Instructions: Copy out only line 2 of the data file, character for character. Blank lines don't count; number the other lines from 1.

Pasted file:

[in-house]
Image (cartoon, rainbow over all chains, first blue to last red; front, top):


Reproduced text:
Image (cartoon, rainbow over all chains, first blue to last red; front, top):